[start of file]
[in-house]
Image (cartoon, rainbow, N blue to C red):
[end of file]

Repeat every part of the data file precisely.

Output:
[in-house]
Image (cartoon, rainbow, N blue to C red):